My guess is that the emails are a come-on to get people to wonder what's being said about them and purchase one of the high level memberships in hopes of seeing something that might affect them. In short, a legal bamboozle since they're not promising anything but the opportunity to look for yourself.

I wouldn't be surprised if they're harvesting email addresses to feed their site. First two rounds harvested email addresses to post in their database as the "I have information" entries and then work from that on a schedule to send out emails that someone is looking at what those others provided. All it takes is for the program to assign numbers as the identifications they use and they can instantly create thousands of "informants" and "purchasers".

I mean, let's face it, who's going to go to the trouble of registering with them to hand out information when more information than most people can use is available for free on the Internet with an Internet search engine? They're not buying information, so why pay to post something when there are free sites all over? It's nothing more than an interesting ploy to get people to pay them to post and to read.

They might be right that they're not involved in libel, but I wouldn't rule out fraud just yet.

08-09-2004, 08:22 PM
Exactly. Some-one's talking about you, buy a membership and find out what they said.

Let them talk about me to their heart's content, I say. My hard-earned money is staying in the bank.

08-09-2004, 11:05 PM
The smelly fish is filleted on this page (http://www.joewein.de/sw/spam-syex.htm), which contains a link to a Snopes article about an earlier enterprise that worked the same way.

08-09-2004, 11:18 PM
Reph, thanks for that link. That confirms my suspicions.

Upon first visiting their site, I wondered why they didn't have my name instead of my email address for P&E. That, in itself, made me suspicious. After all, the scammers and businesses that aren't recommended by P&E usually know my name. They usually do their Internet searches on that and not the email address which has changed a couple of times over the past eight years.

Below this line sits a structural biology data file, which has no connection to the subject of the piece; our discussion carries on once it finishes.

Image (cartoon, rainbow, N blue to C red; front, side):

08-10-2004, 01:45 AM
A link I followed from the fish-filleting page led to a discussion board where people were Sharing Their Experiences with Share Your Experiences. One person had bought a membership, e-mailed the supposed info seekers and info holders, and got no replies.

Who owns those e-mail addresses that a membership enables you to mail to? If I were designing such a scam, I wouldn't use addresses that belonged to other members. A new member would quickly find out that those people weren't talking about him. Would I make up addresses? No; a new member's e-mails would bounce. Besides, an invented address might accidentally belong to somebody real. Instead, I'd get a bunch of addresses myself and never answer members' e-mails.

That is, I'd misrepresent myself as several subscribers, for financial gain. But that's fraud, isn't it?

Is there a way to find out who's behind an e-mail address?

James D Macdonald
08-10-2004, 04:17 AM
Total spam/scam Dave. No word of truth in it.

Forward the letters to uce@ftc.gov

08-10-2004, 05:59 AM
Good idea. I know I still have one.

Well, I found all three that they've sent me so far and forwarded all of those. I think if enough are forwarded, it might cause someone to take action.

08-10-2004, 11:52 AM

It's a scam. I read about it on MSN. Just delete it and don't worry about it.

08-14-2004, 11:05 AM
I get them every day on the Absolute Write addresses, too.

James D. Macdonald
07-29-2005, 09:20 AM
Apparently the spam filters are getting better -- I don't see too many of these any more.